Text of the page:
- Associated Press - Sunday, June 28, 2015

ORLANDO, Fla. (AP) - Jason Deeringer, wearing a white protective jacket, hood and veil, paid no mind to the bees that buzzed around him as he inspected their hive.

Deeringer, 27, is one of more than 3,800 registered Florida beekeepers - a number that grows by about 100 every month.

A surge of interest from amateur bee enthusiasts, a seasonal influx of out-of-state beekeepers and efforts to educate the public about the importance of bees have resulted in a 145 percent increase in managed bee colonies during the past eight years, experts say.

The state is now home to nearly 400,000 bee colonies, according to the Florida Department of Agriculture.

“It’s a very big business,” said Deeringer of Winter Haven, former president and current apiary manager for the Orange Blossom Beekeepers Association in Orange County. “A lot of people aren’t aware of how many beekeepers we have in Florida - Central Florida in particular.”

Honeybees are crucial to Florida’s $120 billion agriculture industry. Among the vegetables and fruits they pollinate are blueberries, watermelon, cantaloupe, squash, cucumbers, peppers and avocados.

“People have become aware of the importance of bees,” said Tom Nolan, president of the Florida Beekeepers Association. “They finally understand that a third of our food is produced by pollination.”

The buzz isn’t all good, however.

The number of colonies is growing, but it’s partly because commercial beekeepers are going to extraordinary lengths to keep the industry viable, said Jamie Ellis, associate professor of entomology at the University of Florida’s Honey Bee Research and Extension Laboratory.

When bees die off, beekeepers split their colonies to try to make up for the losses. The practice weakens the parent colony, which experts said can take time to recover its honey-making ability or die altogether.

David Webb’s answer has been to diversify. When he started out as a commercial beekeeper two decades ago, Webb sold bulk honey and did some pollination. Now he makes more from bottling and selling honey at his store near Christmas, he said.

“We’re spending so much time and labor dividing the bees to keep them steady,” said Webb, 53, owner of Webb’s Honey. “It’s just taken the profitability out of beekeeping.”

The challenges haven’t discouraged out-of-state apiarists from bringing an estimated 280,000 colonies to Florida during the state’s mild winters to strengthen them for their annual trip to the San Joaquin Valley. About 1.6 million colonies are needed every February for almond pollination, according to the Almond Board of California.

The burgeoning number of bees has contributed to a surge in honey production.

Florida produced 14.7 million pounds of honey worth $30.6 million in 2014, placing it fourth in the country behind North Dakota, Montana and South Dakota, U.S. Department of Agriculture figures show. U.S. honey production rose 19 percent from the previous year, and prices went up, too.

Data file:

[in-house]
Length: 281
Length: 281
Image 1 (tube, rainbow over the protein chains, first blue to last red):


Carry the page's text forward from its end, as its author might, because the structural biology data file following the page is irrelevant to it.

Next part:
Yet the bee population continues to be stung by pesticide poisoning, fungi, viruses, bacteria, parasitic mites, beetles, a lack of genetic diversity and nutritional deficits, according to the USDA.

Colony collapse disorder, in which adult bees abandon their colonies, has gotten particular public attention since it came to light in 2006.

Hobbyists have swarmed to beekeeping as the state Department of Agriculture, UF, the news media and beekeepers themselves have sounded the alarm.

In 2014, President Barack Obama established a Pollinator Health Task Force that recommends reducing honeybee-colony losses to no more than 15 percent in 10 years and providing 7 million acres for pollinators.

Last week, the U.S. Food and Drug Administration proposed a rule that would bar pesticide use when commercial bees are pollinating blooms.

If Gov. Rick Scott signs off, Florida will be getting a new bee-research center at UF. The Legislature approved $2.5 million for the project in its session that ended June 19. Scott vetoed the project last year.

The university also runs a two-day Bee College in two Florida locations and the Caribbean, a Master Beekeeper program and a new bee-research symposium.

Backyard beekeepers got a boost in 2012 when Scott signed a law, sponsored by state Sen. Alan Hays, R-Umatilla, giving the Department of Agriculture sole jurisdiction over where hives can be placed. It was enacted in response to local-government bans on residential beekeeping.

Now Floridians can keep bees on nonagricultural land as long as they obey rules such as providing fencing. The number of colonies is limited to three on one-quarter acre or less, increasing to a maximum of 100 on 10 or more acres.

“The hobbyist is what’s helping bring the bees back,” said Billy Fussell, 50, owner of Bee Fussy Apiary in Leesburg and president of Lake County Beekeepers.

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Information from: Orlando Sentinel, http://www.orlandosentinel.com/

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